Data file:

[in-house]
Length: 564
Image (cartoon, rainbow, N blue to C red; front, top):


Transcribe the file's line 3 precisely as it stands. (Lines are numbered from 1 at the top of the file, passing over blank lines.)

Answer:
Image (cartoon, rainbow, N blue to C red; front, top):